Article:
MIT Vice President Claude Canizares, the Bruno Rossi Professor of Physics, who oversees the Institute’s international engagements, concurs.
“Bernd’s perspective is very compatible with the things MIT is doing,” Canizares says, noting the deeply international nature of the MIT community: About 40 percent of the Institute’s graduate students today are from overseas, and nearly 15 percent of its graduates live overseas.
After obtaining his undergraduate degree from Bonn in economics, political science, and German literature, Widdig received his doctorate from Stanford in German studies in 1989. After joining MIT as an assistant professor in 1992, Widdig’s specialty was Weimar Germany, the ill-fated democratic republic that existed from 1919 to 1933; he is the author of “Culture and Inflation in Weimar Germany” (University of California Press, 2001), which surveyed the traumatic social effects of Germany’s inflationary crisis during this period.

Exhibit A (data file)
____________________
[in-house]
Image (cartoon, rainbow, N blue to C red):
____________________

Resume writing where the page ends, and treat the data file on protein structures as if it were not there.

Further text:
Widdig has also published multiple articles about international education, and as a faculty member at MIT, he became very active in developing international programs for students.
While MIT has never emphasized study abroad as it exists at many other colleges and universities, the Institute created its own international program for students: the MIT International Science and Technology Initiatives (MISTI), which helps students secure paid internships and research projects at overseas companies. MISTI has grown to include partnerships with 17 countries; as part of this larger effort, Widdig founded the MIT-Germany program. As associate director of MISTI from 2001 to 2007, he was involved in the growth of these international programs.